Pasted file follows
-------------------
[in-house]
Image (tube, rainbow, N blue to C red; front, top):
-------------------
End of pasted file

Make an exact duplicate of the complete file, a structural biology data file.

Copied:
[in-house]
Image (tube, rainbow, N blue to C red; front, top):